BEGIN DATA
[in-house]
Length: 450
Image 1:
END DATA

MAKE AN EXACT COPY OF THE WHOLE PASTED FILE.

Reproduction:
[in-house]
Length: 450
Image 1: